But most mainstream languages use "=" for assignment these days.
However, I don't think I ever had any student confuse this with mathematical equality. If you get stuck at that level, then you won't be happy as time goes on.
Yes, but I was teaching both algebra and programming simultaneously to a ten-year-old. The meaning of mathematical notation had not had years to gel before programming was introduced, so I had to carefully explain the different semantics denoted by identical notation.
I wasn't making a comment that pointing out this distinction shouldn't be necessary. In terms of the general discussion, the issue is that there are many of these concepts that can trap or slow down a student. You can try to prevent them with the curriculum, but a real, live teacher can, and should, make all of the difference. The direct involvement of a teacher (and not just a group of peers) can save a lot of time and frustration. Then again, some teachers think that struggle is necessary. I prefer to find the book or source or teacher that makes learning as easy as possible. If I learn something easily, I never think that I don't know it well enough. I just wonder why the other sources make it so difficult. Sometimes I will drop a source because I can just tell that there must be an easier path.
For the example in this thread, the "equation" 3X2=6+1=7 is wrong and the authors should have known not to include it. Even though kids should not have a problem with it (by this time), one should not do it. However, a bigger question is what material precedes or supports this explanation? Do they start with partial products? Is this just the beginning transition to the standard algorithm? My first reaction is that this explanation is not careful enough. Then again, I'm seeing it out of context.
Also, students can have these problems even if their math materials never mention them. That is a bigger problem. You can't possibly teach all of the things that can go wrong in students' heads. Even if a textbook is technically correct, kids will still fill in the blanks incorrectly. The teaching process has to be designed to make those corrections, and homework sets usually catch them. I've always thought that the homework feedback loop was critical.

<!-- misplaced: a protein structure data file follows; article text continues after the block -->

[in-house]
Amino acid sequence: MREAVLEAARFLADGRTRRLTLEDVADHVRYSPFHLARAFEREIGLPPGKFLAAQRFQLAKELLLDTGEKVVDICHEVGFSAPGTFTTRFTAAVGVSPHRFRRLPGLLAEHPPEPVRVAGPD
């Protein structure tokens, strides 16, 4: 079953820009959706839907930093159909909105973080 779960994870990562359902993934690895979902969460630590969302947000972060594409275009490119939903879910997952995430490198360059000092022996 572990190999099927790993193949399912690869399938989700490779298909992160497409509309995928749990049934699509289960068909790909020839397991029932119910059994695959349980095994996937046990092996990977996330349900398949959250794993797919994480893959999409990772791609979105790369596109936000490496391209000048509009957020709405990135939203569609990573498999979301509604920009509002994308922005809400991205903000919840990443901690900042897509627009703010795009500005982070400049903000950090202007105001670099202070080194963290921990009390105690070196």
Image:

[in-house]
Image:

"However, I don't think I ever had any student confuse this with mathematical equality. If you get stuck at that level, then you won't be happy as time goes on."
This is a fair observation for most programming students, *but* the mistake in C-like languages that does get made is using '=' to test for equality instead of '=='.
If C had simply used ':=' as God (and Nikolas Wirth) intended, then '=' could be the test operator and '==' wouldn't need to exist.
In some sense, the real issue here is that '=' *has* a meaning in a mathematical context. There was no need for C-like languages to reuse the symbol with a different meaning.
But, yeah, if this proves to be a large hurdle for a programming student, that student is probably not going to make it as a programmer.
However, I don't think I ever had any student confuse this with mathematical equality. If you get stuck at that level, then you won't be happy as time goes on.
Then there are things like:
x = ++i * 5;
which is different than
x = i++ * 5;"
I don't think that '++i' and '+=' would cause problems because of a conflict with math. These operators don't exist (I don't think...) in a math context, so there isn't any clash and you just need to understand how they work when programming.